- Anti-trust Violations often occur when companies engage in price-fixing, bid-rigging, and other anti-competitive practices.
- Corporate Espionage occurs when someone steals trade secrets or confidential information from a competitor for an unfair advantage.
What Are the Common Types of Illegal Conduct?
Corporate fraud is frequently a highly complex law covered under multiple federal statutes and committed by business executives and accountants.
The illegal activity commonly manipulates information with the intent to deceive and defraud. Federal law enforcement agencies, such as the Federal Bureau of Investigation (FBI), often discover corporate fraud using audits. Some of the common types of illegal conduct include the following:
- Misrepresenting the value of a business,
- Concealing assets or debts,
- False tax returns or accounting entries,
- Fraudulent sales and receipts,
- Fraudulent bookkeeping schemes,
- Embezzlement of corporate funds,
- Stealing trade secrets,
- Use of business funds for personal gain,
- Fraudulent transfer of corporate assets,
- Misuse of corporate retirement funds,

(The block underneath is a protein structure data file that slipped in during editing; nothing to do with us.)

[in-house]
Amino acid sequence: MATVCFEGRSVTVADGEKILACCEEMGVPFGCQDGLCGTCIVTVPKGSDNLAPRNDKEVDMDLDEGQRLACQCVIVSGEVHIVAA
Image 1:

- Transactions to evade regulators.
What Should You Do If Under an Investigation?
If you received a grand jury subpoena or a search warrant executed at your property, you must retain a federal criminal defense lawyer immediately.
Federal investigators often gather evidence and build a criminal case before an indictment, meaning they typically have solid evidence to convict you.
The FBI prioritizes corporate fraud investigations due to the significant harm corporate fraud causes to investors and the economy. They work closely with other agencies to detect and prosecute corporate fraud, such as the following:
- Securities and Exchange Commission,
- Commodity Futures Trading Commission,
- Internal Revenue Service,
- Department of Labor,
- Federal Energy Regulatory Commission, and
- U.S. Postal Inspection Service.
Corporate fraud detection usually involves an agency reporting compliance violations. You will need a seasoned federal criminal lawyer to have the best chance at a favorable outcome, who can do the following:
- Closely analyze the accusations against you or your company,
- Evaluate the strength or weaknesses of the evidence,
- Gather documentation and witness statements,
- Examine all the potential legal defenses,
- Respond to federal government investigators,
- Negotiate with the federal prosecutors on the case,
- Take the case to a trial, if necessary.
Any effective defense strategy can only be developed after thoroughly reviewing all the documentation. Any fraud usually focuses on the crucial element of intent, knowledge, and state of mind. Negotiating with the federal prosecutor for a favorable plea bargain might be possible.
Eisner Gorin LLP is located in Los Angeles, California. We provide legal representation across the United States on federal criminal matters. You can contact us for an initial case evaluation via phone or the contact form.